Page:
Climate activists throw mashed potatoes at Monet’s work in Germany | Environmental activism | Catch My Job


Claude Monet became the latest artist to be the focus of food-related climate protests after members of a German environmental group threw mashed potatoes over one of his paintings at a Potsdam museum on Sunday.

Nine days after Just Stop Oil poured tomato soup over Vincent van Gogh’s Sunflowers at the National Gallery in London, two activists from Letzte Generation (The Last Generation) entered the Barberini Museum and poured potatoes over Monet’s Les Meules (Haystacks) before taping their hands to the wall.

Protesters said the stunt was designed as a wake-up call to climate catastrophe. “People are starving, people are freezing, people are dying,” said one of the activists in the video of the incident tweeted by Letzte Generation.

“We are in a climate disaster and the only thing you fear is tomato soup or mashed potatoes in the picture.” You know what I’m afraid of? “I’m afraid because science tells us that we won’t be able to feed our families in 2050,” said the protester. “Does it take mashed potatoes in the picture to listen?” This picture won’t be worth anything if we have to fight over food. When will you finally start listening? When are you finally going to start listening and stop doing business as usual?”

The group said they decided to “make this Monet the stage and the public the audience” to try to get their message across. “If you need to cover a picture with mashed potatoes or tomato soup to remind society that the fossil stream is killing us all, then we give you mashed potatoes in the picture,” it added.

A museum spokesman said the painting was protected by glass, and the museum later said it was not damaged.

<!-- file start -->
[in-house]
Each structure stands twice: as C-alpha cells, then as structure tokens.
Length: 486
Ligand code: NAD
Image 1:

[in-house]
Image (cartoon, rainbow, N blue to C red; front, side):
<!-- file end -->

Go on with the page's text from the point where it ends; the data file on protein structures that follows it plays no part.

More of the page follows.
A spokesman said the police arrived quickly and that the protesters’ hands were “relatively easily separated from the wall”.

Last year, members of the Letzte Generation staged a hunger strike outside the Reichstag building in Berlin to protest the lack of political action on the climate emergency. Earlier this year, they stuck to some of Germany’s busiest autobahns.

The group, which accuses the German government of ignoring all warnings and bringing the country to the “brink of an abyss”, says it is part of the last generation that can prevent the collapse of society.

“Faced with this reality, we accept high.” [fines]criminal charges and deprivation of liberty fearlessly,” it states on its website.

Art galleries have recently become popular venues for attention-grabbing protests. In July, two members of the Italian climate activist group Ultima Generazione (also The Last Generation) taped their palms to the glass that protects Sandro Botticelli’s Primavera at the Uffizi Gallery in Florence and unfurled a banner that read “Ultima Generazione no gas no carbon” (Last generation, no gas, no coal).

Two weeks earlier, Just Stop Oil campaigners glued themselves to the frame of a 500-year-old painting of the Last Supper at the Royal Academy in London.


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